Written by Meghan Zuvelek,
Last Modified: 31st March 2021

From water-fights, to endangered species and skeleton dances, find out about the most unique Easter traditions around the world.

If you think Easter is the same all around the world, think again. Although there are common themes during the largest event on the Christian calendar, many countries have found a unique way to honour the holiday by fusing their culture with unique religious rituals. From Easter bilbys to water-fights, bamboo whipping and skeleton dances, find out the unique ways that different countries celebrate Easter around the world.

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From Easter bilbys to water-fights, bamboo whipping and skeleton dances, find out the unique ways that different countries celebrate Easter around the world.

Poland

In Poland the Easter tradition of Smingus-Dyngus is celebrated with water fights erupting throughout the country, as men launch a water crusade on bystanders all in the name of fun and Christianity. The water symbolises baptism and this tradition, which takes place every Easter Monday, is a light-hearted and friendly event. Legend says a girl who gets soaked during Smingus-Dyngus will marry within the year.

Finland

In Finland there is a tradition of building bonfires, which take place on Easter Sunday to ward off witches and evil spirits that are believed to fly around between Good Friday and Easter Monday. Children with sooty faces and scarves around their heads go door-to-door begging in the streets in exchange for casting a good spell to ward off witches.

France

Each Easter Monday in the South of France a giant omelette is served up for everyone in the town to enjoy. This tradition originates from the days of Napoleon when he was travelling through France and ordered villages to prepare a omelette large enough to feed his entire army.

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Australia

Many Australians reject the Easter bunny and instead celebrate the Easter bilby. The bilby is a small endangered rodent in Australia and animal welfare groups use Easter as a way to raise donations to support endangered animals in the country. So what’s the grudge against the Easter bunny? Many farming communities faced crop devastation due to rabbit infestations; because of this, the rabbit is considered a pest and a bad omen.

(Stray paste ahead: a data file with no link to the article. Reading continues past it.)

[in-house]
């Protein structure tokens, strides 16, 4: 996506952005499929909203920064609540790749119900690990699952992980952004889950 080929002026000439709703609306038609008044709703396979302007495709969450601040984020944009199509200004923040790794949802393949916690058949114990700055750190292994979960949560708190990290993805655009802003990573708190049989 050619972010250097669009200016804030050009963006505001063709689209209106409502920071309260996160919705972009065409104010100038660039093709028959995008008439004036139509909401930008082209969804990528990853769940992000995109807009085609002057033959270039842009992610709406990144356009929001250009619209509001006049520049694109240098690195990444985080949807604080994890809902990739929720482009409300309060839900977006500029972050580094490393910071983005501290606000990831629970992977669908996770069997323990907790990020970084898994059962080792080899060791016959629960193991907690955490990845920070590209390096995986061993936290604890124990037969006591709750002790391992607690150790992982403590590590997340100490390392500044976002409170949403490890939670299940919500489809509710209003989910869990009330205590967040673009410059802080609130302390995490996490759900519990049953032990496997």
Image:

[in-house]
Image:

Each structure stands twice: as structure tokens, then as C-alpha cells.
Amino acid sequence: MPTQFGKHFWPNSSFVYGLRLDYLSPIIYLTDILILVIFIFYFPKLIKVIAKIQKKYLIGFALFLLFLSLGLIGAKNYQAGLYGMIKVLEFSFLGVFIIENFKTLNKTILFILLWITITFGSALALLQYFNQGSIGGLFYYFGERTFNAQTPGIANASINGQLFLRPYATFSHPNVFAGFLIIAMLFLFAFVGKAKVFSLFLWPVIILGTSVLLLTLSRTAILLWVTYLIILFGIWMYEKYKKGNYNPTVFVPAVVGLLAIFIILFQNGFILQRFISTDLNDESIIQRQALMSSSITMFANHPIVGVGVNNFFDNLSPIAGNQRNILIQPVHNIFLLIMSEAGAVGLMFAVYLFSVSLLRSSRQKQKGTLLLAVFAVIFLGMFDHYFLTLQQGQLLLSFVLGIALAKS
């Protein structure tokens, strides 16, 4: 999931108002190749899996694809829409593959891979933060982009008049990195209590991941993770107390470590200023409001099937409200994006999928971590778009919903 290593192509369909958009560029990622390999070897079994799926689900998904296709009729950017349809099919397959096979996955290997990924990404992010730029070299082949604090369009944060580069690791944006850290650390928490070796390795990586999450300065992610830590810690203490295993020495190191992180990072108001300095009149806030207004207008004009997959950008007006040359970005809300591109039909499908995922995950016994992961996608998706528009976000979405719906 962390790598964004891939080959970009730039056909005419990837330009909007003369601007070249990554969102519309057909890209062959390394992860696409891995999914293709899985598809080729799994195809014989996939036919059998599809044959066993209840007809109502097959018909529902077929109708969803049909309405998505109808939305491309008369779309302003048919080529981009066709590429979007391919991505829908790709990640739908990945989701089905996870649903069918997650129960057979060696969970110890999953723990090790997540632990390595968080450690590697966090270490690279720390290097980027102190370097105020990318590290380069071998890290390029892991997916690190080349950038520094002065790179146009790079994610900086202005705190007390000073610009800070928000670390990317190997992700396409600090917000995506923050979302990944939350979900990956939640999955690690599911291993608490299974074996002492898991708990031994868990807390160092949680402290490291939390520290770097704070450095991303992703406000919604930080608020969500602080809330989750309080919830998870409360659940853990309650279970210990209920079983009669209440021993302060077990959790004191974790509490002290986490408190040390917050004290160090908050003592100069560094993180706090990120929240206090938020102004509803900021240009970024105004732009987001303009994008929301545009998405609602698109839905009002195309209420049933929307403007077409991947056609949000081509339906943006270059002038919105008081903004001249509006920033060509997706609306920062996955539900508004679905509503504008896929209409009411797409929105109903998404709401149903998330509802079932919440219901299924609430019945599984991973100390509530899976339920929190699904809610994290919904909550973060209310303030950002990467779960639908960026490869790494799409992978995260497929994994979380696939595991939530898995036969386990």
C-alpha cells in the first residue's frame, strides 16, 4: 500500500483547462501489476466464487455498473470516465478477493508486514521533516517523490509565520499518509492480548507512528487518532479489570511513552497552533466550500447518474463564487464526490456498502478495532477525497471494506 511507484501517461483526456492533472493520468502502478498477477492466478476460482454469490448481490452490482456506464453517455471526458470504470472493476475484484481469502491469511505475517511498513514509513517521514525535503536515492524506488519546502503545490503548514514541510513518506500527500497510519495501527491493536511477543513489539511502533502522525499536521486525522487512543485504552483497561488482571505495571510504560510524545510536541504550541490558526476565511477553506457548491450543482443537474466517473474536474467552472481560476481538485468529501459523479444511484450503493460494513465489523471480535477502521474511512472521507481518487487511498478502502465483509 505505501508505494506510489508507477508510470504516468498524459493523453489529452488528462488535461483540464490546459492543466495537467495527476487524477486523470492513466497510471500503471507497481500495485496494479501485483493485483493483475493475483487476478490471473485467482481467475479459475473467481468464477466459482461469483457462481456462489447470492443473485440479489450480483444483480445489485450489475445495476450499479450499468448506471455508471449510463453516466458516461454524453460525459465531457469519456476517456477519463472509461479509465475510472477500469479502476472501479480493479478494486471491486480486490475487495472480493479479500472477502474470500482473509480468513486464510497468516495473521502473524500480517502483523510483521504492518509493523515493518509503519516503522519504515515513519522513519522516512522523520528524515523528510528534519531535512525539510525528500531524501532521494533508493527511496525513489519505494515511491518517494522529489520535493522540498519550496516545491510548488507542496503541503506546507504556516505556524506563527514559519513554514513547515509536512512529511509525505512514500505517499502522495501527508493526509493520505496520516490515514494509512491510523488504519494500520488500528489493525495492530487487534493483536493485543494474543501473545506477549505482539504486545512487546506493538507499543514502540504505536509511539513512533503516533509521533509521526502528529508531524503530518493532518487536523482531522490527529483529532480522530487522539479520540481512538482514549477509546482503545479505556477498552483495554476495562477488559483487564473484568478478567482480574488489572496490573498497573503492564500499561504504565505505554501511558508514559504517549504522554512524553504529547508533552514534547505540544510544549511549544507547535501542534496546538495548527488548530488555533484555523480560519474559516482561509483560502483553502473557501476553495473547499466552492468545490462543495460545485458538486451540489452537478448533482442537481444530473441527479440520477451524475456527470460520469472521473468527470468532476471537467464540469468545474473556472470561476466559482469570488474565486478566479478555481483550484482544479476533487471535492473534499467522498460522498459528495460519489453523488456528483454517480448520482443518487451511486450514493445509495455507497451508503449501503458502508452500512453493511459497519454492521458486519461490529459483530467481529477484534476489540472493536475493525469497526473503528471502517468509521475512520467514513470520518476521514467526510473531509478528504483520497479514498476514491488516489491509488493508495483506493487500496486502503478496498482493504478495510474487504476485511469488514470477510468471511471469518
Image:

Many Australian’s reject the Easter Bunny and instead celebrate the Easter bilby.

Greece

It may not surprise you that in Greece Easter is celebrated by the throwing of pots and pans. Traditional pot throwing takes place on Holy Saturday. Many believe the tradition is meant to symbolize the welcoming of Spring where old pots are replaced by new, which will soon be welcoming new crop harvests.

Pots being thrown from balconies during Easter celebrations in Greece (D_Zheleva / Shutterstock.com)

Spain

In the town of Verges in Spain skeletons come out of the closet and join together for the “danse la mort” (Dance of the Dead), which is a dance party that lasts until the wee hours of the morning. This tradition takes place on Holy Thursday and involves a procession of skeletons carrying boxes of ashes parading through the village, then performing a re-enactment of The Passion.

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Philippines

As a form of worship, leading up to Easter, dedicated Christians participate in a half-naked parade through the streets, while whipping their backs with bamboo sticks as a penance for their sins. This public display is meant to replicate the suffering of Jesus and is believed to cleanse the soul and release illness from the body.

The most significant Christian holiday of Easter sure has spawned some unique traditions around the world. Here at the Overseas Guides Company we love embracing local cultures and customs. If you’ve ever wondered what it would be like to live in a different country, make sure to check out our expert guides to help plan, research, move and buy property abroad.

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